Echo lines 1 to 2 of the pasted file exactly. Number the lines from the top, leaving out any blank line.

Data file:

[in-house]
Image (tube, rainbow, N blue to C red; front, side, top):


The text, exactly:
[in-house]
Image (tube, rainbow, N blue to C red; front, side, top):